Gu, the sociologist, suggested that the country draft a national law to protect volunteers, especially the young because they have accounted for the lion's share of the group.

"An important idea should be passed to students that their time is valued," Gu said. "And the idea that people can enjoy services for free must be corrected."

Yu, Hangzhou's volunteer work official, liked the national law idea and had his own proposal - that student volunteers be given favorable treatment such as free bus rides while doing volunteer service or extra credits when applying for civil service jobs.

'Sense of achievement'

Some volunteers have already found the extra value.

Sun Wei, a sophomore at Shanghai Jiaotong University, volunteered as an individual to be a tour guide inside the 5.28-square-kilometer Expo Park during the Shanghai 2010 Expo. He called it inspiring and "a precious social experience outside campus".

A power machinery and engineering major, Sun and several classmates and Expo volunteers devised an LED guide stick after working for about three months in the park and finding that tourists usually had difficulty spotting the guides at night.

The lightweight and energy-saving stick was adapted to be worn on the volunteers' uniforms, and was used by thousands of Expo volunteers.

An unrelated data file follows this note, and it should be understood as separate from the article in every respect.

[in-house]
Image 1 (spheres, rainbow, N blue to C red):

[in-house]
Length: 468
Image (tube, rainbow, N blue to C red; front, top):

"It's nothing new," Sun said. "But this is the first time I combined what I learned at school and people's actual needs. The inspiration and sense of achievement received in return can never be obtained in class."

The Expo's six-month run has provided a bonus for some who volunteered and performed jobs ranging from translation to reception to keeping order: They have been hot in the job market, whether fresh graduates or already established in careers.

"With such a huge flow of visitors (70 million in total) and a mixture of staff from all over the world, the six-month voluntary work provided an unprecedented, highly demanding experience," said Hong Wenxiang, chief director of Qianlima Human Resources Service Center. His headhunting company has helped some private companies in Zhejiang to find talented people who volunteered for the Expo.

"They can work under high pressure, in emergencies and with a cooperative spirit," Hong said. Those are skills that take three to five years to develop in ordinary jobs, he said.